Economics & Investing For Preppers

Here are the latest items and commentary on current economics news, market trends, stocks, investing opportunities, and the precious metals markets. We also cover hedges, derivatives, and obscura. And it bears mention that most of these items are from the “tangibles heavy” contrarian perspective of JWR. (SurvivalBlog’s Founder and Senior Editor.) Today’s focus is on private mints.


Precious Metals (Private Mints):

One aspect of the thin precious metals market is often overlooked: The small number of private mints in the U.S. and Canada. There are only a handful of mints, and the volume of coins and bars that they can produce is limited. The huge coin presses that they use are specialized pieces of equipment. And not many manufacturers have experience pressing medallions. So if there is ever a spike in demand, other makers can’t jump into the market overnight. If and when we do witness a big spike in silver, it is safe to assume that the private mints will not be able to keep up with market demand. At that stage, the premium for coins of any type will go up. But presently, with silver just now emerging from the doldrums, you can still get silver coins at a very low markup over the spot price of silver.

Mints that have a low debt burden seem to do best, as they are usually able to ride out the highs and lows of the market. Silver Towne Mint and Sunshine Minting are two good examples of low-debt mints that have been in business for decades.

Another thing to keep in mind is that the profit margin for private mints is small, yet their capital equipment costs are high. So small mints going bankrupt is a fairly common occurrence, especially in bear market phases. (See for example, the sad demise Mulligan Mint and Northwest Territorial Mint, in 2013 and 2016, respectively.) Inevitably, it seems that their specialized minting equipment and assorted tooling gets sold through bankruptcy liquidation sales or auctions. Then another firm opens up or expands an existing mint using part or all of that same equipment. To clarify: The 1-ounce .999 silver round is essentially generic. Most mints use .999 fine silver planchets (blanks) produced by larger companies. The only thing unique seems to be the dies for the coins. But their quality varies. Highly-polished dies can produce proof quality coins.

There are not many mints that actually have the equipment to melt raw .999 silver, roll it to an exacting thickness, and then punch out their own planchets for minting bullion coins. Just a few mints have that flexibility. The majority of private “mints” are not really mints per se. Rather, they are low-temperature pressing operations that lack high temperature planchet production capability. Hence they are at the mercy of the market. In times of high demand, a chronic shortage of silver planchets develops. So the mints that don’t produce their own planchets find themselves unable to produce many coins when demand is at a peak.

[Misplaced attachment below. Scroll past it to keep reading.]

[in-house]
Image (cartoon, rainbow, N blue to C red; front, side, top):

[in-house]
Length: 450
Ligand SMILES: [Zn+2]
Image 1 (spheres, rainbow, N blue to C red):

Keep all of the foregoing in mind. I generally recommend buying coins from coin dealers rather than from mints. But even coin dealers can go out of business. (Like the Tulving debacle in 2014, for example.) So do your due diligence before you buy. Buy only from well-established dealers or mints with good reputations.

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The 30-day chart for spot silver is looking promising.   But remember: Silver is more of a long term hedge.


Stocks dip on tech worries, oil slides after Trump tweet


Global Economy & Finance:

Next at The Financial Tribune (of Iran): US Recession Risks Rising

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Reuters reports: Trump says he will not accept high oil prices; crude dips


Moving on to this at Zero Hedge: Turkey Will Repatriate All Gold From The US In Attempt To Ditch The Dollar


Tangibles Investing:

Radical Personal Finance Podcast: How to Invest in Guns for Maximum Profit and Diversification: Interview with James Wesley, Rawles from Note:  This interview is dated, since it was done when Hitlery Clinton was expected to become President.  But the key investing points haven’t changed.


SurvivalBlog and its Editors are not paid investment counselors or advisers. So please see our Provisos page for our detailed disclaimers.

News Tips:

Please send your economics and investing news tips to JWR. (Either via e-mail of via our Contact form.) These are often especially relevant, because they come from folks who particularly watch individual markets. And due to their diligence and focus, we benefit from fresh “on target” investing news. We often “get the scoop” on economic and investing news that is probably ignored (or reported late) by mainstream American news outlets. Thanks!


  1. IMNSHO: We’re moving towards a rapidly accelerating stock market, particularly tech stocks. This will inevitably depress the price of precious metals, at least for a while. It may be the last chance to buy them at reasonable prices for a long time. I believe we have 1-2 years to take advantage of this. It’s tempting to try to cash out of stocks near the peak and buy metals, but you won’t know when the peak is here, and by then people may have caught on and the demand for metals may be skyrocketing. Start allocating a bit more to metals now!